Carter Henry Harrison, III (1825 - 1893)

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Birthplace: near Lexington, Fayette, Kentucky, United States
Death: Died in Chicago, Cook, Illinios
Managed by: Doug Robinson
Last Updated:

About Carter Henry Harrison, III

•GRAD: 1845 Yale College •Event: Elected BET 1879 AND 1887 Mayor of Chicago, IL •Event: Elected BET 1875 AND 1879 U.S. House of Representatives from Illinois •Event: Elected 1893 Mayor of Chicago, IL

http://en.wikipedia.org/wiki/Carter_Harrison,_Sr.

Carter Henry Harrison, Sr. (February 15, 1825 – October 28, 1893) was an American politician who served as mayor of Chicago, Illinois from 1879 until 1887; he was subsequently elected to a fifth term in 1893 but was assassinated before completing his term. He previously served two terms in the United States House of Representatives. Harrison was the first cousin twice removed of President William Henry Harrison.


Born near Lexington, Kentucky to Carter Henry Harrison II and Caroline Russell, he was only a few months old when his father died. He was educated by private tutors, and was graduated from Yale College in 1845 as a member of Scroll and Key. Following graduation, he traveled and studied in Europe from 1851 to 1853 before entering Transylvania College in Lexington, where he earned a law degree in 1855. He was admitted to the bar in 1855 and commenced practice in Chicago; Harrison came to Chicago because he saw it as a land of opportunity.


Harrison ran an unsuccessful campaign in 1872 for election to the Forty-third Congress. Beginning in 1874, he served as a member of the board of commissioners of Cook County. He was elected as a Democrat to the Forty-fourth and Forty-fifth Congresses, and delegate to the 1880 and 1884 Democratic National Conventions.


A Summer's Outing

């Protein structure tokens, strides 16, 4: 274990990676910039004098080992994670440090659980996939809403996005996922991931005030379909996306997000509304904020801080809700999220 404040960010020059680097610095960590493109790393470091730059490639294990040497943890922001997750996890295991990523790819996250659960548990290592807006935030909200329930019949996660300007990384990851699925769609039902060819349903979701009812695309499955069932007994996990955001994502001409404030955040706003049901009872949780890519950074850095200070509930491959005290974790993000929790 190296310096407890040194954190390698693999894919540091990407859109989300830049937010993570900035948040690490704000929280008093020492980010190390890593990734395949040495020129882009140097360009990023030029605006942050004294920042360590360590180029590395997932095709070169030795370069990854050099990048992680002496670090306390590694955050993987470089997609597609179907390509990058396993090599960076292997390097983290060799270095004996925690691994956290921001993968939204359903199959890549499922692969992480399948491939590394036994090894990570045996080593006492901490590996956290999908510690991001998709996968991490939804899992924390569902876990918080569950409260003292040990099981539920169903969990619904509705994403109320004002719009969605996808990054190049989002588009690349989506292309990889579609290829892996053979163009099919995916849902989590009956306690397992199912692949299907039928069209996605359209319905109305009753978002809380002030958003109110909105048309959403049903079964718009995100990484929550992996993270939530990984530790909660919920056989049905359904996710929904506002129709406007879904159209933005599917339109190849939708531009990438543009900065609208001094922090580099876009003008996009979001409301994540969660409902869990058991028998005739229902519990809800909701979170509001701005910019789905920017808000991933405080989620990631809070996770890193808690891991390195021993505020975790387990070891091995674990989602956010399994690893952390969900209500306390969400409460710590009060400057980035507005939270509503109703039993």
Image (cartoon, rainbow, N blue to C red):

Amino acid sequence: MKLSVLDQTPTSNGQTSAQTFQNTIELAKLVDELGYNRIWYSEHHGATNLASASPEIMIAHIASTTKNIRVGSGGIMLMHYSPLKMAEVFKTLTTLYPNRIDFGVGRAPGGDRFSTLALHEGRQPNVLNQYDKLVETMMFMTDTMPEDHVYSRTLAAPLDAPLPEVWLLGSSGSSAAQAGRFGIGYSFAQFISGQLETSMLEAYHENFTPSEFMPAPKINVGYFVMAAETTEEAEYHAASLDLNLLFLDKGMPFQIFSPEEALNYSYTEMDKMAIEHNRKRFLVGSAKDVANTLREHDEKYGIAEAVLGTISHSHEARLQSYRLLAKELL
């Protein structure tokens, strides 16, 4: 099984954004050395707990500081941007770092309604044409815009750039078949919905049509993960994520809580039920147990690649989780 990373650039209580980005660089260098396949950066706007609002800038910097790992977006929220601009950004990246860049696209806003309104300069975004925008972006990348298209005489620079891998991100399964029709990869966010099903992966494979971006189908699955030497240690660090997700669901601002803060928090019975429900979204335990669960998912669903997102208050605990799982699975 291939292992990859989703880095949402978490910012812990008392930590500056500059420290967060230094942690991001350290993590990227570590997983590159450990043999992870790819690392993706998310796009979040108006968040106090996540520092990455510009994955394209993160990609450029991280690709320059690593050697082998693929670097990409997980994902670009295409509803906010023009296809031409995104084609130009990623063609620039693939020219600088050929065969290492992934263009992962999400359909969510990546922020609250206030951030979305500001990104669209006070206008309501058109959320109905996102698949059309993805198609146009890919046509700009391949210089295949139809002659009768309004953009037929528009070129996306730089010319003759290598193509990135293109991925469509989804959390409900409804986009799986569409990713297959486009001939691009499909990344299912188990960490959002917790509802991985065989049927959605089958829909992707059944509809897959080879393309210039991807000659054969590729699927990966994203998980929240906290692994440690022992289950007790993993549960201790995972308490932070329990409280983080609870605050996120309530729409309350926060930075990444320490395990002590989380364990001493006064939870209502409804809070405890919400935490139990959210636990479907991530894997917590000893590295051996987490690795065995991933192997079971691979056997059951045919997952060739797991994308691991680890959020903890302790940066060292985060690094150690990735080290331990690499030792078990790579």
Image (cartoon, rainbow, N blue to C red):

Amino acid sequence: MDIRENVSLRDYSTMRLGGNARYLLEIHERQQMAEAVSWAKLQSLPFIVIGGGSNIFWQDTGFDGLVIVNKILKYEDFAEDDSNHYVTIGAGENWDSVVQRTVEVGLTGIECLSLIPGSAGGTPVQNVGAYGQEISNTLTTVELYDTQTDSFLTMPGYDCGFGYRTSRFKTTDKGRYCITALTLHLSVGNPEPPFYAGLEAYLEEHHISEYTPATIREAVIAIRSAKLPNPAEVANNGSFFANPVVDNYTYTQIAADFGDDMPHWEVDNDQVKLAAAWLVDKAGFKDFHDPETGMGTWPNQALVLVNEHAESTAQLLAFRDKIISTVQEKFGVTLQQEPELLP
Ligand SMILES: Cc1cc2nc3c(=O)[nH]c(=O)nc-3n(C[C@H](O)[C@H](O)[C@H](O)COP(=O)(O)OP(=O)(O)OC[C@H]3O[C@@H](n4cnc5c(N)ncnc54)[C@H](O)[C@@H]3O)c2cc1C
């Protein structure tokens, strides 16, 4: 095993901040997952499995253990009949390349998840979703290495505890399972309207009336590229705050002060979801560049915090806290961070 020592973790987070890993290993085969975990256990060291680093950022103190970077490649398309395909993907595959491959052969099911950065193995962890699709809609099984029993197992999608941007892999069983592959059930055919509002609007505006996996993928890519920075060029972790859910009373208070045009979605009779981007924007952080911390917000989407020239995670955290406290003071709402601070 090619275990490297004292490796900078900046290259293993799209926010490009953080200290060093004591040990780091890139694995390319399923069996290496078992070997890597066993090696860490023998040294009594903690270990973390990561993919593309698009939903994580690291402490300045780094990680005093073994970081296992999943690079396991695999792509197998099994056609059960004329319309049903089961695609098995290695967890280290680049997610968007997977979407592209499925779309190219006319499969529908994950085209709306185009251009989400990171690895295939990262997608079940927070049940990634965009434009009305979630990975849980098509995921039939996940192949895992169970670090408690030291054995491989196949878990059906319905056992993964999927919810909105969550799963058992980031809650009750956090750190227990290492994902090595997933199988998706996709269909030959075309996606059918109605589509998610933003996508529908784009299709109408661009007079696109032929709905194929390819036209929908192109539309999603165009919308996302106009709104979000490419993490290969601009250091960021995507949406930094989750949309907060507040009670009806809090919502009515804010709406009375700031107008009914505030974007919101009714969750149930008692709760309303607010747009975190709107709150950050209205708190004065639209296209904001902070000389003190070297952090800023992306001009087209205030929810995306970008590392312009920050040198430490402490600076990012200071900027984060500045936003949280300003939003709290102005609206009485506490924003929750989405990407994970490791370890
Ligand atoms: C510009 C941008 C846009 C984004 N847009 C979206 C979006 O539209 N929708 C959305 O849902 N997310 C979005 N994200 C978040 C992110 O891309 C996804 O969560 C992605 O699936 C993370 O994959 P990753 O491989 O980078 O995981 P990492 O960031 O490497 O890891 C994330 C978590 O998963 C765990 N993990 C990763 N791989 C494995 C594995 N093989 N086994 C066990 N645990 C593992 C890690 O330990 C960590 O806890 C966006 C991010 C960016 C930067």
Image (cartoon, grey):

In 1890, Harrison and his daughter took a vacation trip from Chicago to Yellowstone National Park and Alaska. His letters from the trip were first published in the Chicago Tribune and later compiled into the book (1891): A Summer's Outing and The Old Man's Story.


Assassination


The night of the Haymarket Riot in 1886, Harrison walked unmolested through the crowd of anarchists and advised the police to leave the demonstrators alone. The riot was sparked by a bomb, reportedly thrown at police by anarchists. After leaving office, Harrison was owner and editor of the Chicago Times from 1891 to 1893. He was re-elected in 1893, in time for the World's Columbian Exposition. His desire was to show the world the true Chicago, and he appointed 1st Ward Alderman "Bathhouse" John Coughlin to sit on the reception committee. On October 28, 1893, two days before the close of the Exposition, Harrison was murdered in his home by Patrick Eugene Prendergast, a disgruntled office seeker. Harrison was buried in Chicago's Graceland Cemetery. Prendergast was hanged on July 13, 1894. Harrison was Chicago's first five-time elected mayor; eventually his son, Carter Harrison, Jr., was also elected mayor five times.


Harrison's career and assassination are closely connected with the World's Columbian Exposition, and are discussed at some length as a subplot to the two main stories (about the fair and serial killer H. H. Holmes) in The Devil in the White City. The celebration of the close of the Exposition was cancelled in lieu of a large public memorial service for Harrison.

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Carter H. Harrison III's Timeline

1825
February 15, 1825
near Lexington, Fayette, Kentucky, United States
1856
1856
Age 30
1857
March 25, 1857
Age 32
1860
April 23, 1860
Age 35
Chicago, IL, USA
1862
1862
Age 36
1864
1864
Age 38
1866
1866
Age 40
1868
1868
Age 42
1869
April 12, 1869
Age 44
Chicago, Cook, Illinois, United States
1871
1871
Age 45